U.S. psychologist Dr. Leonard Sax believes teenage girls who spend too much time on Facebook are more likely to be depressed. Furthermore, the total number of Facebook friends they have can also be a big risk factor for depression. Dr. Sax believes this particular risk is greater with girls than boys.
"Girls post the happy things and they turn the camera on themselves so it's 'look here at what I'm doing,'" Dr. Sax told AdelaideNow. "Then they look at all the other girls' Facebook pages, look at them being happy and think 'my life sucks, look at all the things those girls are doing and how much fun they're having.' The problem is she is spending all this time on her presence on Facebook and not nurturing strong friendships because Facebook prioritises acquaintances. Many girls now say they don't have one or two best friends, they have 12, 15, 20. They are losing the skills to nurture close friendships."
Dr. Sax argues that teenage girls struggle to understand that people intentionally make themselves look good on social networks like Facebook. As such, they end up comparing their lives with what they see online rather than what is happening offline.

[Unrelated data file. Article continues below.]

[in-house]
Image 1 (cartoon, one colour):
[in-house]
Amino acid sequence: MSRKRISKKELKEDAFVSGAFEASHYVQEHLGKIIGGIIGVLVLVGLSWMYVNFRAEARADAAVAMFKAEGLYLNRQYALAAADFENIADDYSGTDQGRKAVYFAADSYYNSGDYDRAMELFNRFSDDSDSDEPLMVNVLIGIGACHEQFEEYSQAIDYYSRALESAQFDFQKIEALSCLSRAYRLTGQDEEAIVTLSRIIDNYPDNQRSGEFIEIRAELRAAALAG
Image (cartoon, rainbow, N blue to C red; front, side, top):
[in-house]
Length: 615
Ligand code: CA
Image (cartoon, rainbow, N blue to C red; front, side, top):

So, what's the solution? Dr. Sax suggests parents should limit how long their daughters spend on Facebook to 20 or 30 minutes. He argues parents should be aware of all the things their children do online and that children should be aware why their parents need to know everything.
Call me crazy, but I don't think Dr. Sax's solution is going to work.
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